The Earthwalk Press maps are sort of OK for planning, but you'll want more detailed topographic maps of the area you decide to go into. I haven't seen the Beartooth Press maps and can't find their Wind Rivers maps when searching online.Apr 7, 2011 at 11:34 pm #1721823
those maps are awesome. i have the original 1:100,000 scale, and its very useful. they now make a north/south version in a 1:50,000 scale that i haven't actually seen. their maps are beautifully done, and have won a couple awards. they also update them almost yearly to make sure they are acurate. i've only found one minor mistake on mine where they gave the wrong elevation of mount helen in wyoming, and its already fixed on their second edition.Apr 8, 2011 at 6:06 am #1721860
@ejcfreeLocale: off grid
Where ever you go you'll love it. I've done 10 trips 'tween 5 and 14 days there. I think my earliest arrival has been maybe the 12th and I had no issues with either excessive snow or high water crossings, thats not saying your route (whatever it may be) won't have these. Nor have I fished in the past (got myself a Tenkara now and really really looking forward to using it there!!!), but I've seen lots of lakes and once when relaxing along the shore of Grave Lake I was amazed to watch a 16in trout (I know water magnifies but I swear) meander lazily by about 2ft off shore.
morning at Grave Lake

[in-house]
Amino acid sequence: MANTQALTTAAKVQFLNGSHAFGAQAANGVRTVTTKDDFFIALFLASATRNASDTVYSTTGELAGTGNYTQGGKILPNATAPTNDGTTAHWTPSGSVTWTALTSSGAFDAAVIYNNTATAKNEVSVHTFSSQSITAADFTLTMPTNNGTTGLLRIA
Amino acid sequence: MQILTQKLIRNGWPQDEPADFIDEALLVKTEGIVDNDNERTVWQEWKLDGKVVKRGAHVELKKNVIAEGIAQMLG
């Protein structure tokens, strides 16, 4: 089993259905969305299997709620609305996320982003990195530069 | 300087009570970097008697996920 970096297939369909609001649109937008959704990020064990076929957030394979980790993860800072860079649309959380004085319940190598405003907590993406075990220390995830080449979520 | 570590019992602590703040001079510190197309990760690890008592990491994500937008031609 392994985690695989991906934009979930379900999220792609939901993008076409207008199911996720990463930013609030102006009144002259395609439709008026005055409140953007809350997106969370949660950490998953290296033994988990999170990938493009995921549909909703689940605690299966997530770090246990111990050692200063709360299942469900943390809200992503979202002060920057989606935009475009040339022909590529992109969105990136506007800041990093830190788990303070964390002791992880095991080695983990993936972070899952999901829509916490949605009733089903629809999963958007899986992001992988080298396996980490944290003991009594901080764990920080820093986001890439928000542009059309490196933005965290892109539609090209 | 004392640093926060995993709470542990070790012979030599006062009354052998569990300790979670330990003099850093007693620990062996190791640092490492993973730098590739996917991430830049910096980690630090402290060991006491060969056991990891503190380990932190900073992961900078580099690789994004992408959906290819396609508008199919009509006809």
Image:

I'm going to suggest a specific loop that I have enjoyed (more than once). I'm not sure when you say 5 days if you mean 5 or 4 nights. This was my first visit to The Winds and my first solo. For those reasons I chose a popular trailhead and one of the Sights (Cirque of the Towers). Here it is in skeleton form – Big Sandy trailhead- Marms Lake-Haily Pass (any pass that is shown on a map with "not suitable for livestock" is for me)-Grave Lake-Valentine Lake (lakes to south for less traveled fishing)-Lizard Head plateau-Bear Lakes-Cirque o' Towers-Jackass Pass-Bid Sandy trailhead. Camp at 1) Marms Lake 2) Grave Lake 3) Valentine Lake 4) Bear Lakes. If you've got 5 nights stay two at Grave Lake and day hike to numerous and gorgeous lakes to the north, you can also easily top Pilot Knob (Grave Lake Dome) from the backside on the way back to camp. Why do I recommend and like this route? It gives a good taste of what this area has to offer, lakes both low and high, high open terrain (Lizard Head Plateau), sheltered camping (or not as you choose), iconic world class scenery, and a taste of the remote (Grave Lake area) without a huge commitment in time or heavy duty untrailed travel